11. Engaging in practice while ability to perform any professional act is significantly impaired by a condition of physical or mental illness;
    12. Providing or recommending service that is improper, unnecessary or cannot be reasonably expected to contribute to improving a client’s health;
    13. Wilfully breaching or failing to carry out an agreement with or commitment to a client;
    14. Abusing a client verbally, physically or emotionally;
    15. Sexually abusing or harassing a client, employee, colleague or other person in a practice setting;
    16. Practising under a conflict of interest;
    17. Failing to maintain current client records;
    18. Giving information regarding a client’s condition or services provided to the client to a person other than the client without the consent of the client or authorized representative, unless allowed or required to do so by the law or for a purpose directly related to the client’s care;
    19. Disposing of client records in a manner that does not preserve confidentiality;
    20. Advertising that is improper or misleading in the judgment of the Committee with reference to such written guidelines as may be developed; failing to inform a client, prior to providing service, of the nature and level of any fees to be charged to be charged to the client;
    21. Submitting an account or charge for services that the Member knows is false or misleading;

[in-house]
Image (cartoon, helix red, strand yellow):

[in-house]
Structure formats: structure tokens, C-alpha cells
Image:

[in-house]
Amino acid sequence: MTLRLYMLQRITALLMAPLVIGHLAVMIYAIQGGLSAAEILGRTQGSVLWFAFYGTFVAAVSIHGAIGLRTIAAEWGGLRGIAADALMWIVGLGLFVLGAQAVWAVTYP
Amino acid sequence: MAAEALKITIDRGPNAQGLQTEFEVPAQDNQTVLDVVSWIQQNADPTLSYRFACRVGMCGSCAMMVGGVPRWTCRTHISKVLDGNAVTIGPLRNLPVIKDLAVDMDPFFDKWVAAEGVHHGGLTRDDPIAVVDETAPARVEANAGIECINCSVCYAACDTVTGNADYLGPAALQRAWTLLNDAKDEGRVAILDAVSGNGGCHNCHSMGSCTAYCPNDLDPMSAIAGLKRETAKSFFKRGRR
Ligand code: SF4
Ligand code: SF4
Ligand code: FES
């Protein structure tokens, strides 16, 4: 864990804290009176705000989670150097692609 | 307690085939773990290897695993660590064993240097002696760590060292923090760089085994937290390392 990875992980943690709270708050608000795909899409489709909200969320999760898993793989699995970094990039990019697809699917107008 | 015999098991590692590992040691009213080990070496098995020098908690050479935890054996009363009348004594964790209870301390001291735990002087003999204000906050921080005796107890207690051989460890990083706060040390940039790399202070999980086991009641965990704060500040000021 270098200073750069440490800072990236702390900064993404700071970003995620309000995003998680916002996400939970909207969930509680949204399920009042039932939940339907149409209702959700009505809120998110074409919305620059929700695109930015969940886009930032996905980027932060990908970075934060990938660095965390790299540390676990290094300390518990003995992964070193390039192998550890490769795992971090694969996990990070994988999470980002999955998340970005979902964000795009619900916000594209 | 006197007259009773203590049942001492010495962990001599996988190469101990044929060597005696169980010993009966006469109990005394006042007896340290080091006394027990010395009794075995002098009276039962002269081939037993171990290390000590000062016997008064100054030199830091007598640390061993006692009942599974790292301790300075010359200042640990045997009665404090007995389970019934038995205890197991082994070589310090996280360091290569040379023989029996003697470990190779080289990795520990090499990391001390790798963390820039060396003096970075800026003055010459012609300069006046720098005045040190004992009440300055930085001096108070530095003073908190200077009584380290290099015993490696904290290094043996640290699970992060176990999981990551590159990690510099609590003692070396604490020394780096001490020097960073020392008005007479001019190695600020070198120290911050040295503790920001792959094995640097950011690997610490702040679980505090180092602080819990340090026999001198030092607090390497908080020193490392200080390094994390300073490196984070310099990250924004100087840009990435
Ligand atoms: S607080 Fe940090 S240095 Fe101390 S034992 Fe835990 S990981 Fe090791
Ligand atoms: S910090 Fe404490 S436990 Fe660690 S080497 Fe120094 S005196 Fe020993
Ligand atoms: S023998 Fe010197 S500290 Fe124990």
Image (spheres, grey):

22. Failing to itemize an account so that the client or other payer can clearly understand the value of the different aspects of service which were rendered; contravening of these Guidelines;
    23. Contravening a federal or provincial law or municipal bylaw or rule of a facility or program which the Member practices if the purpose of the law, bylaw or rule is to protect the health of the public or the contravention is significant to the Member’s ability to practice competently;
    24. Conduct or an act associated with practice which, in the judgement of the Committee without any negative vote, would reasonably be regarded by the vast majority of Members as dishonourable or seriously offensive to a client.

COMPLAINT AND INVESTIGATION

  1. A complaint against a Member shall be submitted to the Committee in accordance with this Guideline or as submitted by the Complaints and Reports Committee (the “CRC”) as outlined in the Complaints Process Policy.
  2. The Committee shall determine the substance and, to the extent immediately practicable, the background of the complaint and report the matter to the Member, Complainant and the Board as outlined in these Guidelines or in the Complaints Process Policy.
  3. When the Committee, on its own initiative or as a result of a complaint, determines that there is a cause for examining a particular alleged practice a Member, it shall launch an official investigation into the alleged complaint of professional misconduct.
  4. The Committee consists of three senior board members. The Committee may engage the assistance of other persons as the Board may authorize.
  5. The Committee shall conduct an inquiry to determine whether there is a cause for a full investigation. The Committee may or may not, as it judges most productive, inform the Member of the preliminary inquiry.
  6. If the Committee finds that there is not a sufficient basis for proceeding, it shall recommend that there be no further action.
  7. If the Committee decides that there is cause for full investigation, it shall inform the Member in writing and carry out a full investigation as it considers appropriate.
  8. During the investigation, and at the discretion of the Committee during the preliminary and/or full investigation, the Committee shall ensure that the Complainant and the Member are each permitted to be heard and to submit written evidence.
  9. The Member shall, if required, give full co-operation to the Committee, including provision of such records within the Member’s control as may be requested.